"A stronger alliance with the U.S. is necessary [for South Korea]," said Tadashi Kimiya, a professor of politics and Korean studies at the University of Tokyo. "Moon has not clearly stated opposition to the THAAD deployment. I think the possibility of cancelling the deployment is low."

CHARM TACTIC Moon chose the Japan-friendly Lee Nak-yon, governor of South Jeolla Province, as his nominee for prime minister. Lee worked in Tokyo as a correspondent with the Dong-A Ilbo newspaper for more than three years starting in 1989. His nomination is seen as an attempt by Moon to maintain cordial relations with Japan even as he seeks to overturn the previous administration's agreement on the wartime "comfort women" issue.

The two countries signed an agreement in 2015 that was intended to end the dispute "finally and irreversibly," but Moon has expressed his intention of renegotiating it.

In a May 11 call with Japanese Prime Minister Shinzo Abe, the two leaders did not delve deeply into the subject. However, Abe told Moon that both countries must "take the responsibility for carrying out a deal that was praised by the international community," according to those close to the prime minister. Abe sees commitment to the agreement as nonnegotiable.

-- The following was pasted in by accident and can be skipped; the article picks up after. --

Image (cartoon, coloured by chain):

Moon declined to say whether he will honor the agreement, explaining that the majority of South Koreans find it emotionally difficult to accept it, according to the Blue House. But while the new president stopped short of reaffirming his nation's commitment to the deal, he also did not call for renegotiating or scrapping it as he had during his campaign.

FINDING HIS WAY Diplomatically, Moon seems keen to follow in the footsteps of former President Roh, particularly in terms of his "balancer" policy. But Roh's diplomacy did not serve that administration well when it came to North Korea, the University of Tokyo's Kimiya points out. "At the time of Roh administration, South Korea alone moved toward a North-South dialogue amid increasing international criticism against North Korea, which did not bring any major success."

Moon's first visit to Washington as president is scheduled for June, and he and Abe have agreed to hold a three-way summit with Xi at an early date.

"To advance North-South relations," Kimiya said, "it is important to secure cooperation with China, which has increased influential power, as well as with the U.S. and Japan."

Moon's presidency has just begun, but his diplomatic decisions may have repercussions for East Asia for years to come.

Nikkei staff writers Sotaro Suzuki in Seoul, Oki Nagai in Beijing and Tsuyoshi Nagasawa in Washington contributed to this story.